Delays installing Saltash Celtic cross by River Tamar

  • Published
Part of a miniature version of the Celtic cross
Image caption,
The full-sized cross will be seen on the Cornish side of the River Tamar

The installation of a Celtic cross on the Cornish side of the River Tamar has been delayed by up to a year, organisers said.

The structure, almost 19m (62ft) tall, was due to be in place by March 2012 but this has been delayed until 2013.

Saltash Waterfront Residents Association, which is behind the scheme, said it was a big project and was taking longer than expected.

The sculpture is part of a scheme to re-open Elwell woodlands.

Joe Ellison, who is in charge of the project, said: "The cross itself is new technology. No-one has built anything quite like it on that sort of scale apart from the Angel of the North, so we're into unknown territory."

'Cornish symbol'

The sculpture is one single piece, which has to be finished before it can be slotted into place.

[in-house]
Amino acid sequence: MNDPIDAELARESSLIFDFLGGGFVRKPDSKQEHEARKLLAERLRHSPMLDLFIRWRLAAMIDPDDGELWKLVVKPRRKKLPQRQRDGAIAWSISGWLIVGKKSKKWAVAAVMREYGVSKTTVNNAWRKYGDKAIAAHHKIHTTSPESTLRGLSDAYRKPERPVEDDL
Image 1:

The cross has been designed in copper to reflect Cornwall's history of mining the metal and is to welcome people coming into Cornwall from Plymouth.

The project was awarded £450,000 of lottery funding in March 2010. Saltash Town Council gave £50,000 towards the scheme.

It has gained support from the founder of Cornwall's Eden Project, Tim Smit, who said that it could be a "very beautiful" addition to the area.

But some local residents are concerned the cross would provide too much of a distraction for drivers.

Mr Ellison said it was set to become an "iconic landmark".

He added: "It will be the very first thing people will see when they come over the Tamar road bridge into Cornwall.

"The statistics say that will be 1.4 million visitors a year, so it will be a symbol of Cornwall."

Related Internet Links

The BBC is not responsible for the content of external sites.